The party's charter demands the return to Mexico of the occupied territories of California, Nevada, Utah, Arizona, New Mexico, Colorado and Texas.
Firing homemade rockets and more advanced projectiles smuggled in from Iran and China, the party's gunners can hit a total of one of every seven Americans, or 43,598,000 people, in a broad swath which includes Los Angeles, San Diego, Phoenix, Albuquerque, Austin, San Antonio and Houston, and Las Vegas.
In all of these areas, pre-schools, grade schools, and universities are all forced to shut down. Families sleep in bomb shelters, and return to them several times a day during air raids. Businesses are shuttered, and the economy shuts down.
I dunno. I must admit I'm a little confused by which part of Mexico corresponds with which Palestinian faction and the model pretty much ignores five decades of Israeli history.
I find this need to put Israel in context by pretending that it's something else a little strange. Why, in order to understand this country's situation, do we need to imagine that Israelis are actually Arabs, or that the Palestinians are Mexicans, or that Israel never existed, or that it existed but was in Alaska?
Analogies and hypotheticals can be useful for putting a complicated situation in context, but can also be dangerous if you're altering your perception of reality in order to fit your chosen narrative. In a conflict as ideologically divisive as Israel/Palestine, they're rhetorically useful but pretty rarely enlightening.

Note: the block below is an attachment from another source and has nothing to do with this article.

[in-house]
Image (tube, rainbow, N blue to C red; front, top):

Believe it or not, Israel is a real place. So is Gaza. No theoretical construct is going to absolve either side of responsibility for inflicting violence or get them any closer to a resolution.
Hezbollah Secretary General Hassan Nasrallah has castigated
Because he isn’t suicidal. IDF
generals have made clear that another war with Hezbollah would likely be far more
destructive than the 2006 confrontation and would likely include a ground
invasion. Hezbollah is adept at fighting an insurgency in South Lebanon
because they have always been able to draw on the support of the Lebanese Shia
and capitalize on a weak or complicit central government in
“If they start something, they know the biggest loser will be their constituency,
the Shia community of
In the larger Lebanese political scene, this is an awkward time for military
adventurism. The pro-Western forces in
the government have insisted on a “national dialogue” to determine a national
defense strategy, which could constrain Hezbollah’s use of its militia. Hezbollah and its allies have managed to
stall this discussion, but if Hezbollah were to unilaterally launch a war
Photo: ANWAR AMRO/AFP/Getty Images